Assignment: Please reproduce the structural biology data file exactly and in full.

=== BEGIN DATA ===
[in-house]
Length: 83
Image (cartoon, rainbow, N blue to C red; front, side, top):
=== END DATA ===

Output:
[in-house]
Length: 83
Image (cartoon, rainbow, N blue to C red; front, side, top):